October 17 – November 17, 2004
Participating artists have made wearable breast art prostheses to be a part of a woman’s attire, a fashion accessory, adornment, and statement. Art pieces will be displayed alongside examples of the way breast cancer research addresses issues expressed in the artwork. The exhibition is intended to create an avenue for health education through art and to afford an opportunity for vision, growth, and change. By combining art and science, The Art of Healing Breast Cancer: A Union of Science and Design bridges the gap between facts and understanding. The scientific information reveals challenges and shows how scientists are striving to overcome them. The Breast Art collection deepens our understanding by interpreting the impact of breast cancer on the human spirit.
January 30 – March 4, 2005
Southeast Asian baskets represent the symbiosis of traditional rural life and the community's relationship with nature. The basket maker is simultaneously botanist, mathematician, structural engineer and artist. To bring baskets to life and deepen their meaning, this exhibition presents the pieces within the context of daily rural life and the cycle of agriculture.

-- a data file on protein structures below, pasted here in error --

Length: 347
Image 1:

April 10 – April 16, 2004
This annual installation, timed to coincide with University Picnic Day, is a lively survey of student talent and creativity that reflects the multi-disciplinary breadth of the Design Program's course work.
May 15 – June 24, 2005
This exhibition will highlight a wide range of western and ethnographic costume, textile and furniture items acquired since 1992. Exquisite, labor-intensive dyeing, weaving, and embellishment techniques will be evident in many of the pieces. A grouping of textiles will contrast "authentic" pieces with pieces which simulate those same time-consuming dyeing, weaving, or surface embellishment techniques.
Selected items will illustrate how traditional techniques and materials have evolved in response to contact with the western world. Conversely, examples of western fashion items document the influence of motifs and techniques found in ethnographic textiles. In addition, groupings of hats and footwear will illustrate the diversity of materials, techniques, forms, and motifs that have been used throughout the world.
July 17 – September 30, 2005
The first fibers woven by the indigenous people of Mesoamerica came from the endemic maguey or agave plant. Still in use today, ancient techniques transform these fibers into rope, bags, cargo nets, tumplines, hammocks, and horse gear. The secrets of these processes were learned from extensive field research in Guatemala, and are the basis for this exhibit. Photos and samples illustrate methods of fiber extraction, spinning, and loom and non-loom construction techniques. Market scenes and product use round out the display. Come follow the strand from past to present, by looking beyond the bright rainbow colors of Mayan clothing, to the natural color of maguey.